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Winona Republican Herald: Wednesday, October 5, 1949 - Page 1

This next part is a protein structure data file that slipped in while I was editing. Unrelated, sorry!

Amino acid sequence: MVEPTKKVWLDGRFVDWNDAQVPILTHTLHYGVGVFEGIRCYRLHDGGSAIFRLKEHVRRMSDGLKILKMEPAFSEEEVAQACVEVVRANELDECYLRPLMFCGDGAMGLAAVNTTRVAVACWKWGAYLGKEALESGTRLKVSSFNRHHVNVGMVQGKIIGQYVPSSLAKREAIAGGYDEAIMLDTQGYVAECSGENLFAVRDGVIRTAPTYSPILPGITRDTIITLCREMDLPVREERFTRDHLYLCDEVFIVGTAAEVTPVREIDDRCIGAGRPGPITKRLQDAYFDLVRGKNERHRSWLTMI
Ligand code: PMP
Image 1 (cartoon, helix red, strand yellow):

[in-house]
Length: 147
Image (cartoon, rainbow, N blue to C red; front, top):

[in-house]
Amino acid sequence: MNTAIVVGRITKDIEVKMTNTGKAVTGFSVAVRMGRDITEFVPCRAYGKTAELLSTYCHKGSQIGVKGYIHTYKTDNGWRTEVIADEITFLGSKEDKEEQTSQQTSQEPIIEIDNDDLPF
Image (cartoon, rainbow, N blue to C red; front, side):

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   Winona Republican-Herald, The (Newspaper) - October 5, 1949, Winona, Minnesota                              New York Whips 7-0, in Series Opener Pack Yank Stadium Newcombe, Reynolds Locked in Pitchers Duel R H E Dodgers ...............020 Yankees ..............1 5 1 SHOWERS TONIGHT, THURSDAY WINONA, MINNESOTA, WEDNESDAY EVENING, OCTOBER 5, 1949 L Foundry F War Probable Philadelphia General Frank K. Howley be- lieves war with Russia is in- evitable .-unless some new method is found to deal with the Soviet Union. "I wouldn't say it was com- pletely Inevitable, because I don't think anything is com- pletely the former military commander in Berlin told the Poor Richard club yes- terday. The g-eneral, making his re- marks in reply to a question from the audience, called Rus- sia gangster nation compar- able to Murder, Inc., and Al Capone." "Russia has the atomic bomb now and she will not hesitate to use he add- ed. Yankee Stadium Tommy n I- Henrich's dramatic home run clout DGII6V6S into the lower right field seats lead- iwj ing off the last of the ninth gave the York Yankees a 1-0 open- ing World series victory over Brooklyn today ending a sizzling mound battle between Allie Rey- nolds and Don Newcombe. Play by Play Story of Game Yankee Stadium, New play-by-play story of the first game of the 1949 World series between the New York Yankees of the Am- erican league and the Brooklyn Dodgers of the National league follows: FIRST INNING watched Reynolds first two pitches cross the heart of the plate for strikes, then looked at a ball, then rolled to Henrich who made the unassisted putout at first. Lindell started late for Jorgenson's fly to left center anc the ball went over his head for two base hit. Snider swung and missed a three and two pitch to be- come Reynolds' first strikeout vic- tim. Mapes moved a few feet to his right to gather in Robinson's easy fly. No runs, one hit, no errors, one left. the count one and one, Rizzuto attempted to bunt but raised a short foul which Hodges caught in front of the Yankee dug- out. Reese gathered in Henrich's sharp grounder and tossed him out. Reese backed up onto the grass in short left to camp under Berra's high popup. No runs, no hits, no errors, none left. SECOND INNING walked on a full count. Furillo also worked the count to three and two before get- ting his base on balls. Hodges foul- ed off two attempted sacrifice bunts, then rapped back to the box. Rey- nolds speared the bounder and started a double play. He threw to Coleman who forced Furillo at sec- ond and Coleman whipped to Hen- rich to double up Hodges at first. Mapes stood Jn his track to catch Campanella's high fly. No runs, no hits, no errors, o.'e left. attempted to hold back his swing on the third strike but broke his wrist and was TODAY- West to Aid Tito Short of Actual War By Joseph and Stewart Alsop Washington is a simple measure of the somber reality be lind the apparently quiet facade of the cold war. The possibility of a Russian attack on Yugoslavia is taken sufficiently seriously so that agreed Anglo-American policy ___been evolved to meet this eventuality. This policy can be summed up in five drearily fami- liar words: "All aid short of war." This decision has been reached in the endless conferences which always accompany a major policy decision. There have long con- versations between British officials and their opposite numbers in the State department. Robert able counselor of embassy in Bel- grade, and one of the chief archi- Farm Price Aid Bill Back In Committee Senator Lucas Promises Work On New Measure By John Chadwick Washington Senate ag- riculture committee grappled again today with the knotty problem of what to do about farm prices af- ter the Senate had failed to find the answer in a day of topsy-turvy! voting. The question was tossed back to! the committee last night with in-1 structions to return with an answer within 48 hours. Just what the committee might purpose was in doubt, but Demo- cratic Leader Lucas of Illinois said that whatever it was the Sen- ate would go to work on it imme- diately. "We're going to get a farm bill 'passed at this session of Congress regardless of how long we have to stay he said. A series of votes yesterday show- ed only that the Senate is sharply divided over how far the govern- ment should prices of major crops. holding up WrULa ui i ruled a strikeout victim by TJm- made a fl ing trip to Wash. pire Hubbard. Lindell timed a changeup pace expertly and stroked it into left field for a single, the first Yankee hit of the.game. John- to give his advice in per- son. Secretary of State Dear. Ache- son' has threshed the matter out First the lawmakers approved a flexible price support program by a one vote margin. Then they changed their minds on a tie, with the deciding vote cast by Vice- President Barkley. Barkley backed senators battling for high-level price props for corn, cotton, wheat and- other basic crops. In doing so he opposed-iucas and Senator Anderson former secretary of agriculture. Anderson, dismayed at the blow to his long-range farm legislation, then succeeded in getting it sent back to committee for overhauling. He later told reporters he didn't know what the committee would do but said "I will try to get a bill I defend." first Yankee hit 01 tne.game. ounu- m talks with botn President Harryj Aiken of Vermont, top son struck out swinging, missing a Truman antj British Foreign on the committee, said high fast pitch for the third Ernest Bevin. And the Yu- he had no doubt the group would Newcombe, blazingly fast, in J.NCWUUUIUC, j i BOSlaV Crisis n hazy muggy weather, poured a third ;ered at length strike past the swinging Mapes tOj it councU. retire the side via the strikeout route. No runs, one hit, no errors, crisis has also Deen consid- the National Se- AS A RESULT, important con- clusions have been reached. Both he had no doubt the group would return with a bill containing the sliding scale of price supports it first had recommended to the Sen- the issue will Paul, Left, And Leo Brom, co-owners of the Brom Machine Foundry'Company in Goodview, are shown above as they survey Republican-Herald photo ttie ruins left by a fire which swept the foundry late Tuesday night. Company officials have estimated fire loss at Reds Battle For Control Of Kukong ate. one left. Americans and British agree to be fougnt out all over THIRD INNING cannot sit idly by if Yugo-j ta on senate floor. came in fast lorslavia js attacked. But it is also) Anderson bill provided for Newcombe's dribbler to the left that an automatic commit- jsupporting basic crops, within a the mound and whipped him outjment to go w war Tito's de- range Of 75 to 90 per cent of par- the mouna ana iment to go to war in J.ILU a uc- at first. Johnson and Henrich is out of the question. For r-pt-irp "R.P.PRP. on a nic6__ it. the laborated to retire Reese on a nice play. The third baseman came in fast to make a nice barehanded pickup and underhand throw of Reese's bunt. Henrich helped one thing, it is obvious that the Western European allies in the At par- available supply. Parity is a price intended to give farmers a fair return on per ity, depending on the Western .turnpeun to give mrmers a iaii lantic pact would hardly be eager tbey grow in terms of what to defend Tito at, the price of a nave to buy. Europe overrun- by the red army. By Spencer Moosa Canton Red reinforce- ments were thrown into the battle for Kukong today. Loss of the key city, 125 miles north of Canton, would sever com- munications between this provision- al capital and General Pai Chung- bsi's Nationalist forces in Hunan province. The communist reinforcements moved to the battlefront along thej highway from Kiangsi province. All schools in Kukong were clos- of Minton Set to Take Supreme Court Oath By Jack Bell by topheavy Senate approval, Judge Sher- man Minton was expected today to take the oath of office promptly as a member of the United States Supreme court Heavy Rains In Wake of Hurricane The lawmakers approved his to 16 after batting down a Chicago Rain fell over by a vote areas in the eastern half of Midnight Blaze Sweeps Plant West of Winona Officials Believe Fire Started in Stack of Boards By Gordon Holle The village of Goodview today recorded its most costly fire of the year after a blaze of undetermined origin swept the Brom Machine and Foundry Company shortly before midnight Tuesday causing damage estimated at Loss estimated by company offi- cials is higher than that resulting from any fire in the Winona-Good- view area since a blaze razed 'the Farmers Exchange elevator at 58 Main street last January 5. The Winona fire department was notified of the lire at about p. m. when an unidentified woman called by telephone to report that the foundry building was ablaze. The woman apparently lived some distance from the foundry, and It is believed that the fire was well under way when it was discovered. When the first fire unit arrived, the roof of the rear end of the 35 !by 100-foot building was caving in 'and firemen from the West and Central stations remained at the 'oundry until a. m. today in a successful effort to keep flames from spreading to an adjoining juilding. Although the exact cause of the fire has not been determined, com- pany officials believe that the fire might have, originated from sparks In a number of "bottom boards" used during..casting operations. The are placed under the molds Into which molten iron is poured, and these boards become heated during the casting. Foundry operations are suspended at p. m., but a night crew arrives at the plant at 6 p. m, to remove the molds from the bottom boards and pile the boards in reecil- ness for the next day's operations. The night crew that left the foundry at p. m. yesterday stated that many of the bottom ivtt-ov with a long stretch and gloved hand or e pre, catch of the throw. u jd short of war- is for the present, only an, of war- is red army attacks.jMargarer 5 2 Killed, 3 Hurt As Autos Collide Crandon, Wis. small a were killed and their and two others injured ee judiciary committee. Minton, who will be 50 years old October 20, was named by Presi- dent Truman to succeed the late Justice Wiley B. Rutledge. He boards were covered with sparks and water was poured on them be- fore the boards were left paled at the rear of the building. It is believed that some of the _________________. sparks were not extinguished by Feavv rainfalls were reported in the water and later caused a fire __j. 4-V.n the tropical hurricane which Texas coastal areas yesterday. northern and central Louisiana and southern Arkansas. to break out among the boards. The I takes to the court an eight-year (record as a judge on the seventh (inches in Louisiana and circuit court of appeals. Texas. fire apparently originated at the rear" of the building and spread Vails measured from six to eight through the roof of the structure. cu mmj will promptly noi condemned as an aggressor before i I the United Nations. Economic sup- aport for Tito will then be redou- bled, and military equipment of sort will be sent to Tito's eaten oo. tliL all alu swung at Reynolds' first pitch andj practicai. sent an easy bouncer to who threw him out. No runs, hits, no errors, none left. looked at third strike that nipped the out- side corner to become Newcombe s fourth strikeout victim Reynolds armi'es. sent a high fly that fell for a double near the left field line. Her- manski, playing far over towarci left-center, couldn't quite catch up with it after a long run. drama iS now uieauj Her pr0gram ranged irum au up- popped to Robinson behind out_ Tito nas had a aria to American folk songs. i.) z column sang in English, Italian and It has been necessary to arrive at an agreed policy in case of a Russian attack on Tito simply be- Act One in the Soviet-Yugo- drama is now clearly about Cullowhee, N. The au- dience loved Margaret Truman in her first appearance on a southern concert tour. The soprano voice of the Presi- dent's blonde daughter delighted a capacity audience at Western North Carolina Teachers college here last night. Her program ranged from an op- (Continued on Page 16, Colnmn SERIES (Continued on Page 5, Column sang I A-BOMB' I German. in this area. Official Nationalist dispatches claimed the communist 47th divi- sion was surrounded near Sinhwa, 95 miles northwest of Hengyang. Central News Agency said a ty- phoon struck the Amoy area today bringing a temporary halt in fight- ins on the mainland. Nationalist! lults were necmg uie Farther north in Hunan province j riously yesterday when two auro- the reds bolstered their forcesjmobiles cojiided on a hill, around Jucheng, 170 miles north of Canton, with an estimated reinforcements. Dispatches said Nationalist war- planes were supporting Pai's troops Minton's confirmation came af- ter Senator Morse (R.-Ore.) fail- Fair weather and normal tem- peratures were reported In most eastern The roof was wood covered by sheet metal. is housed m a str 100 T.QT CJCIJtll'Ur ed on a 45 to 21 vote to send the other parts of the country. The appointment back to committee mercury was around freezing early with instructions to require testi- The victims, en route to from nominee. relatives nearby, were Sandraj Senators Pel.guSOn (R.-Mich.) Kemp, four, and her three-year- aM Doimell (R.-MO.) had sought old brother, Donald. today at Land O' Lakes, Wis., and Fellston, Mich. Hurricane Just IQ Drumcr, tuc aboutj Hoarse Wind Today Their mother, Mrs. Paul Kemp, the views he expressed onpabUc, _w_ A The foundry is housed m a struc- ture covering an area of 70 by 100 feet divided into two buildings of equal area and separated by a brick wall. chane to ask was reported in fair condition at a Laona hospital with a punctur- ed lung and severe cuts. Harold Campbell, 24, a passen- ger in the other vehicle, was taken to a Rhinelander hospital with a possible concussion. Otis Whitt, 37, however, shelled junks j suffered chest injuries, reds were commandeering for! Cornoer John Reese said an in assault on Amoy. I quest would be held today. questions while he was serving B senator from Indiana in the New Deal's heyday from 1935 to 1941. Precedent Cited The committee at first ordered Minton to appear. It withdrew that order when Minton wrote the group that he thought such action raised "a serious question of propriety, on hurricane that hit Texas crops a hard blow was just a hoarse wind particularly when I might be quired to express my views ly controversial and litig affecting the court." jwitb ease. Rice, cotton and The committee then voted nine table crops were hardest hit. today. It pushed feebly through Mar shall, Texas, Shreveport, La., and into southwest Arkansas last night, carrying heavy rains. The hurricane's punch at this big metropolis was surprisingly light, and even the smaller cities anc towns in its path rode the blow J.JJC to two approval of the nomination. Morse told his colleagues they were sowing the seeds of bad pre- cedent by letting a Supreme court nominee refuse to testify before the judiciary committee He recalled that the late Sena- tors Borah of Idaho and La Follette Winds of 80, 90 and up to 100 miles an hour were recorded as the The wall partition acted as a fire wall and the fire damage was con- fined almost exclusively tc the sec- tion In which the actual casting is done. The remaining 35 by 100- foot structure was damaged only